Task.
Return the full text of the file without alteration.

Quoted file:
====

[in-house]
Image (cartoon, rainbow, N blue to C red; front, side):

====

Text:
[in-house]
Image (cartoon, rainbow, N blue to C red; front, side):